Getting Ready for Spring Sports
Guest article by Dr. Randall Wroble
You know you’re a weekend warrior if your first sign that Spring is here is when your softball buddy calls and tells you your first game is next week. It’s time to put down the beer, chips, and remote and time to get out your glove and spikes!
But… as you bend over to pick up your bat, that sudden jolt of pain in your back reminds you of how much time you spent on the couch over the winter. Then… you recall the hamstring pull when you ran to first base last year without warming up properly and the sore shoulder from throwing hard from the outfield that put you out of the game for three weeks. As you get older, your body goes through some changes: reaction time decreases, cartilage loses its effectiveness, tendons become less elastic and more prone to injury, injuries are more frequent, and injuries heal more slowly.
If you’re not fit, you’re not alone. Musculoskeletal injuries rank number one in physician office visits and cost the U.S. $215 billion and 147 million days of work yearly. Ideally you would stay in shape all year, but it’s not too late to start some basic conditioning now.
If you’ve really been lying around and haven’t had regular checkups, bring your physician along for the ride, or run, or match. Make an appointment to see your doctor and review your athletic plans.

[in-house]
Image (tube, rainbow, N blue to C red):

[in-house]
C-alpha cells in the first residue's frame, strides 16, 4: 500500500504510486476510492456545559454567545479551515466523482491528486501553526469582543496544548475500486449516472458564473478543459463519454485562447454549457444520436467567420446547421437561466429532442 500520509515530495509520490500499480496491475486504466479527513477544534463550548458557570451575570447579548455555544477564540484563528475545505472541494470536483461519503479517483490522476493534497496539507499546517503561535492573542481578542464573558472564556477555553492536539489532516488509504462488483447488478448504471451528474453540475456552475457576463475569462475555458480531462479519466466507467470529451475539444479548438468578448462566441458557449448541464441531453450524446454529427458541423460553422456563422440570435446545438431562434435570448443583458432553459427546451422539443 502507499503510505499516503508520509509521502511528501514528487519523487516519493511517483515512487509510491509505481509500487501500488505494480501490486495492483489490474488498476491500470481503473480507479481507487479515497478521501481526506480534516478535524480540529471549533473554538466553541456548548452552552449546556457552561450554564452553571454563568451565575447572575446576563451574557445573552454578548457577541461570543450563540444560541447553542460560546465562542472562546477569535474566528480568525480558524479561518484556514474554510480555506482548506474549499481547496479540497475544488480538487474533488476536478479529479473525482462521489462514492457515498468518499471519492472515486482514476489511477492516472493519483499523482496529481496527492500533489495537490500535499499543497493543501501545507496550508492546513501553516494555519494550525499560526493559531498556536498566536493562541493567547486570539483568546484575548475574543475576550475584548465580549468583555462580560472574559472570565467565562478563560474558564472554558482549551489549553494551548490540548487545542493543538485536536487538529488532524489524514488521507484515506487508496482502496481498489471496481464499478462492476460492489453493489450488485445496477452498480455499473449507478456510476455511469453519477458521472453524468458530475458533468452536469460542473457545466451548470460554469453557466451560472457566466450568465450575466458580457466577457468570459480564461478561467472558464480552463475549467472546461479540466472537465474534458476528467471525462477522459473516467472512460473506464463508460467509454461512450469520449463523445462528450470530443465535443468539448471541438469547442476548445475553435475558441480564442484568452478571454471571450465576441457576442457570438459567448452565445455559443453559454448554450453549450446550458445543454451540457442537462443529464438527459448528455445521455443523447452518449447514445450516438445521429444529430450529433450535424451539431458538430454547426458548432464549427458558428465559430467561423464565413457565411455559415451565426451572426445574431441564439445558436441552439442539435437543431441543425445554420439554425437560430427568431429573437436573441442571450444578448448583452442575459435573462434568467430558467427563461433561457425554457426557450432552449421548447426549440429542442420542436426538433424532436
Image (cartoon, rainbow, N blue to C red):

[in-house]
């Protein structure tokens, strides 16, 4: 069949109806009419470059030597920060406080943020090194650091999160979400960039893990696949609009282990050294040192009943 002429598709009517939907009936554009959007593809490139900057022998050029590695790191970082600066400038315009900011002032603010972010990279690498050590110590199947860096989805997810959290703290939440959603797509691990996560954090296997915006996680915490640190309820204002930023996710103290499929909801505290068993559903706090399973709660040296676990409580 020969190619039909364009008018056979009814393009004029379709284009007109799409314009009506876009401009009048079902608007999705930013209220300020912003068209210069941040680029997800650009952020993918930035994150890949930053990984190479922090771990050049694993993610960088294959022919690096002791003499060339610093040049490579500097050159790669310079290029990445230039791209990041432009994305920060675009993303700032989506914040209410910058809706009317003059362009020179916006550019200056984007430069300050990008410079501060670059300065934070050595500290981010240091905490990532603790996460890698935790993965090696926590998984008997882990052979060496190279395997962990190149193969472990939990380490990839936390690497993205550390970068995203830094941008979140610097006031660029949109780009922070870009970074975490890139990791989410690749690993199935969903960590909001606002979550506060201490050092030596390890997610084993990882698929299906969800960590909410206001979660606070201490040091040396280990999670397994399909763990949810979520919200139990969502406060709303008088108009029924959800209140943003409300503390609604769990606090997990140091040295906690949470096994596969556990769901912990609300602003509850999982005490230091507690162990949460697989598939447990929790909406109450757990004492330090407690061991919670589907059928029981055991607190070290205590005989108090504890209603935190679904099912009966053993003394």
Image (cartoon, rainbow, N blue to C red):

Work for overall health and conditioning: do things like varying the intensity of your workouts, cross-train often, and make sure to focus on form, not formidability.
Put time on your side by becoming a fanatic about stretching. Do a general warm up to raise body temp by jogging, jumping rope, or riding a stationary bike. Then, stretch for 5-10 minutes. Stretch and hold 30 secondsand don’t bounce. Don’t forget to stay loose during idle periods as well.
Start and finish slowly. Drink plenty of fluids – preferably water, both during and after activity. Cool down when you’re done.
Make sure someone on the team knows first aid and that equipment for injury care is available – especially ice.
Forget “no pain, no gain.” Listen to your body. Stop or come out of the game if you’re hurting. See your physician if pain or swelling are severe or last more than 24 hours.